“Let’s test button color today. It has been so long since we changed it.”
Wait! Testing random ideas that are not based on well-thought out hypotheses can waste your time, money, and website traffic. To develop a successful test hypothesis, you need to find problems/concerns that your customers struggle with completing the conversion goal of your website.
So, let’s get into some powerful research methods to discover what’s keeping your visitors from turning into customers, and how you can use those points of friction to formulate viable hypotheses (theories) to test.
1. Usability Testing
Watching people use your design can help you find multiple usability issues and technical glitches. But, in order for you to find the real issues from your usability testing, you must guide your test participants correctly and make sure they are comfortable enough to express themselves freely. It all comes down to asking the right questions.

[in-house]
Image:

Avoid Asking Leading Questions
Your language can have a huge impact on the responses or interactions of your test participants. And if you’re not careful about the way you are framing your questions, it can skew your test results. It is thus recommended that you pen down the questions exactly the way you want to address them to your test participants. For example, you might write this question:
“We’ve spent months building this website. Can you please tell me what you think are its positives and negatives?”
But, to the participant, this is a leading question that reveals the answer you would like. It means, “I’m looking for praise. If you say anything negative, you might hurt my feelings.”